Slightly more than a year after going into effect, the Citizens United v. Federal Election Commission decision is having a profound effect on national and local politics.
Citizens United — as it is commonly called — reversed the ban on corporate spending on political broadcasts and introduced the rather controversial notion that corporations should be treated the same as ordinary citizens under the First Amendment.
Presidential candidates spent $1.8 billion running for office in the 2008 election cycle. In the 2010 mid-terms, $3.9 billion was spent on Congressional elections. The 2012 elections are expected to break new records in campaign finance. Here's a look at where that money comes from and how it's used.
Yesterday Republican Sharon Runner of Lancaster and Democrat Ted Lieu of Torrance became the first to win office outright under the new open primary system in California. Because both candidates won more than 50 percent of the vote, respectively, neither will have to go to a runoff.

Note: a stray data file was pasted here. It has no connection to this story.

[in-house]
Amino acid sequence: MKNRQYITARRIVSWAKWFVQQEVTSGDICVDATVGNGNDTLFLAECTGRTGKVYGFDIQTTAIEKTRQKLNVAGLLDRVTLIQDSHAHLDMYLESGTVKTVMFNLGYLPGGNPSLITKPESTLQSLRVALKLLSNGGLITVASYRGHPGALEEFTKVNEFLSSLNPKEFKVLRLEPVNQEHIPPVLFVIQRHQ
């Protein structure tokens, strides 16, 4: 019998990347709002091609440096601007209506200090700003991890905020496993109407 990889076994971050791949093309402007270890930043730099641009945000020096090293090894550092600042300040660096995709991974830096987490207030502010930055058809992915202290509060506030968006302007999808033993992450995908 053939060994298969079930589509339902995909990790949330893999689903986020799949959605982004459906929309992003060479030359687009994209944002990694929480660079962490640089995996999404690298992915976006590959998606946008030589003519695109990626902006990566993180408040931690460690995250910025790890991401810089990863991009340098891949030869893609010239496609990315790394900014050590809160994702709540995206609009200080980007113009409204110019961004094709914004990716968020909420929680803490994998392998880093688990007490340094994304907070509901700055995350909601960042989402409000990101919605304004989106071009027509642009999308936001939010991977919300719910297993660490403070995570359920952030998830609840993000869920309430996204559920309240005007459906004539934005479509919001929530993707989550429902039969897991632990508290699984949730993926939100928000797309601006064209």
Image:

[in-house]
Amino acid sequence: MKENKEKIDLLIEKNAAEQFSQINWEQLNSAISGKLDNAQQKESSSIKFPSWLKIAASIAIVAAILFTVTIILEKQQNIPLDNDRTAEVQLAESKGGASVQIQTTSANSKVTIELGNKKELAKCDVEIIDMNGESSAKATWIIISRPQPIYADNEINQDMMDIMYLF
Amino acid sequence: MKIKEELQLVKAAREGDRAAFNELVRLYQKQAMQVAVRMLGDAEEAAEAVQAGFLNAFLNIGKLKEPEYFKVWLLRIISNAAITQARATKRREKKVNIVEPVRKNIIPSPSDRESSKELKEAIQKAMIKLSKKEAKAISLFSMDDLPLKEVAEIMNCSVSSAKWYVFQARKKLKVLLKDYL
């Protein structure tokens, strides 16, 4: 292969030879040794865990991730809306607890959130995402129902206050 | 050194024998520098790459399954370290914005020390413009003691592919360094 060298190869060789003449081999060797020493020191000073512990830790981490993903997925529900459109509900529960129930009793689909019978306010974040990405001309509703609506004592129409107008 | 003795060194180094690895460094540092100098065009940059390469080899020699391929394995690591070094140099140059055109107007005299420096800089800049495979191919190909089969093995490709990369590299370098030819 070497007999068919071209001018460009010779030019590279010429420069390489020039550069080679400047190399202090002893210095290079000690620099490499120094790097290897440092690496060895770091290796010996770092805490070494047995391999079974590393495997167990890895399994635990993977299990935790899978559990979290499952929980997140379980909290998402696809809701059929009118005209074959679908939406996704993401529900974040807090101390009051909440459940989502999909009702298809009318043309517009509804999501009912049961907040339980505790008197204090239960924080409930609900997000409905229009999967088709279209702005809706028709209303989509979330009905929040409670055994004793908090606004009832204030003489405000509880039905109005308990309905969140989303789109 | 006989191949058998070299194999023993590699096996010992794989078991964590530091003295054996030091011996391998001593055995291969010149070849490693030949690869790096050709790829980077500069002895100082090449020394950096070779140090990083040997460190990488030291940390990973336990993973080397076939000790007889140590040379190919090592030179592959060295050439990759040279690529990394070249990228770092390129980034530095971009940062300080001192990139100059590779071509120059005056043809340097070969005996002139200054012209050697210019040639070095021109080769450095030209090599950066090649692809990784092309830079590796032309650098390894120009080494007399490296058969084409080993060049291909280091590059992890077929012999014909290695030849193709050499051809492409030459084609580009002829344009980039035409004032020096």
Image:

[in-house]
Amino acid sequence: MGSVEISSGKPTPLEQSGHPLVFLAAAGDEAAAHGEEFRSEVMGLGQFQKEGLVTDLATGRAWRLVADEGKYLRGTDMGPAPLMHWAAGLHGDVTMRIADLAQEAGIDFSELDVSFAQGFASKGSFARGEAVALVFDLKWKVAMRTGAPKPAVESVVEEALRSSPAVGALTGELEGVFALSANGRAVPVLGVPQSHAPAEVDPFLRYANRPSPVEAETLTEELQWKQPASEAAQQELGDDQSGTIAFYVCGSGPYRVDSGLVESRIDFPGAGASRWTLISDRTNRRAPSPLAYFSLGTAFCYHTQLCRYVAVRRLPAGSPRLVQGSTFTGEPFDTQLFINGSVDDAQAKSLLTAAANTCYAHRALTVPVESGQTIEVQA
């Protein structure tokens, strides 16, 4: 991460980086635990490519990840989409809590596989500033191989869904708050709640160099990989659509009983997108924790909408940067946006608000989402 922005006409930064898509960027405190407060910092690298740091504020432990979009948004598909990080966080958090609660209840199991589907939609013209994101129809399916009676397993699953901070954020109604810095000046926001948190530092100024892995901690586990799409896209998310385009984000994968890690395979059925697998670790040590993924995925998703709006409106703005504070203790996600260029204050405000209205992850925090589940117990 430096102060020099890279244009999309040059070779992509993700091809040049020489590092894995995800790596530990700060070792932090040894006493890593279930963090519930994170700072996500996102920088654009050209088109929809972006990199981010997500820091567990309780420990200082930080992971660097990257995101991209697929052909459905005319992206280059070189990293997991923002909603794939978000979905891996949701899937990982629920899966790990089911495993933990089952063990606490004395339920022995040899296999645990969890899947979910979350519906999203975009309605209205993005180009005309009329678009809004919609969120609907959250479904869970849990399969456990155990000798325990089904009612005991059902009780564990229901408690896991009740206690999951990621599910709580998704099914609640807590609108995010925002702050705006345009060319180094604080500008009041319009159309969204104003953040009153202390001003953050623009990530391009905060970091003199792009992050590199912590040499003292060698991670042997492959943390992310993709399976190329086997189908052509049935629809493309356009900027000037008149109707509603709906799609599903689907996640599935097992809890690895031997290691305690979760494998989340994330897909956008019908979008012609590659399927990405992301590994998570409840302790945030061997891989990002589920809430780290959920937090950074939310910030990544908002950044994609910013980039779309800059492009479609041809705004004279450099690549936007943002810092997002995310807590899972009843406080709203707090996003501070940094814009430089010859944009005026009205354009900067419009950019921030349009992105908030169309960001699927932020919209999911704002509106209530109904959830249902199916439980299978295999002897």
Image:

In the past, one candidate from every political party was put on a ballot for the general election. Under the new system, which was voted into law as Proposition 14 last June, all candidates are lumped into a single primary. If no one wins a majority of the vote, the top two, regardless of political party, advance to the general election. That means two candidates from the same party could face off in a general election. And that, in theory, could lead to more moderate candidates, since a Republican voter would likely pick the more conservative of two Democrats, and vice versa. It also means that third-party candidates are likely not to be represented in the general election.
So, taking a look back for a moment, who put money on Prop 14, and who stands to benefit?